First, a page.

For people on their feet all day - both for duty and travel. Engineered for lasting comfort, with abundant support and cushioning.
'Comfort for hard working feet!'
Benefit: Hardest wearing material enhancing the durability and longevity of the shoe. Excellent traction between the shoe and the ground. Non-marking.
What is it: Specially formulated vulcanized rubber.
Where is it: On the bottom of the shoe where it contacts the ground.
Benefit: Arch support insole with increased arch support and more cushioning. Longer lasting than other insole materials. Removable, and so able to be replaced with orthotics if needed.
What is it: Polyurethane sponge formed to cup around the heel and under the arch (thicker under the arch than our normal arch support insole providing more support).
Where is it: Inside the shoe, directly under the foot.
Benefit: Soft, lightweight cushioning that absorbs impact shock.
What is it: ethylene-vinyl acetate
Where is it: The midsole of the shoe, which is the part under the foot, between the outsole and the upper.
Benefit: Cushions and absorbs shock that over time causes bone and muscle trauma.
What is it: Specially formulated long lasting, soft foam material
Where is it: Typically placed within the midsole of the shoe underneath the foot, in the heel and forefoot areas.
Benefit: Supports the arch area of the foot (midfoot), and reduces stress on the ligaments that often cause fatigue and pain.
What is it: Hard, moulded thermoplastic (TPU or Nylon) or hardened rubber.
Where is it: Midfoot region of the outsole of the shoe.
Benefit: Restricts harmful over-pronation (foot rolling inwards and arch collapsing). On stability trainers, it also provides lateral stability (restricts ankle roll) in typical side-to-side motion dynamics in court and grass sports.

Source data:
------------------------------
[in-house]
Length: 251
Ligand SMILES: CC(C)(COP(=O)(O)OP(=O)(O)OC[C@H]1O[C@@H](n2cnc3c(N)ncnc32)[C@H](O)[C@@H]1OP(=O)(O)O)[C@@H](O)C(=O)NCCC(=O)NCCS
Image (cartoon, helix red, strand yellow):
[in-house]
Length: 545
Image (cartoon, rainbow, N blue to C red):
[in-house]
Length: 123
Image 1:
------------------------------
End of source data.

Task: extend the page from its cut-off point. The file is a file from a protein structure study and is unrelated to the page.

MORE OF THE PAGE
What is it: A firmer density midsole foam.
Where is it: Over-Pronation restricting dual density is on the medial part of the midsole of the shoe. Lateral support dual density extends from the medial arch, right around the heel to the lateral side of the midsole of the shoe.
Benefit: Supports the ankle and holds the heel firmly in place, providing excellent stability when the foot first strikes the ground. A firm heel counter is essential for fundamental support and stability.
What is it: Rigid plastic material that is shaped to match the contours of your heel.
Where is it: Inside the upper part of the shoe, surrounding the back and sides of the heel.
Benefit: Additional heel stability and ‘hold’ around the base of the heel. The Scholar style has an extended heel stabilizer, providing additional medial stability for over-pronators.
What is it: A hardened thermoplastic urethane moulded wedge.
Where is it: Wraps around the base of the upper at the heel, between the upper and the midsole. The flange extends under the thermoplastic heel counter, holding it in place.
Benefit: Supports the arch area of the foot, and prevents the shoe from bending in the wrong place (in the middle of the shoe). The shoe should naturally bend across the joints in the forefoot region.
What is it: A hardened nylon piece.
Where is it: Placed internally (in the sole) in the arch area of the shoe.
Benefit: Hard wearing and breathable, becoming richer and deeper with wear, molding and adapting to your foot like no other material. Resistant to high temperatures, resistant to tearing, cracking, and peeling. It’s naturally insulating, but also breathable.
What is it: Natural full grain cow hide, tanned and dyed through with authentic techniques. This is the premium grade of leather.
Where is it: On the upper (top part)
I walk about 5-6 kms a day and early this year, just prior to leaving for Europe, I started having quite severe foot pains which the physiotherapist put down to pronation. This pain threatened to mar my trip but just prior to departure I bought a pair of Geelong shoes and tramped around Istanbul, Prague and UK without the slightest problem.